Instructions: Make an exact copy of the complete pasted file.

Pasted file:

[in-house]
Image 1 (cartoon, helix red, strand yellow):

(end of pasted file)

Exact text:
[in-house]
Image 1 (cartoon, helix red, strand yellow):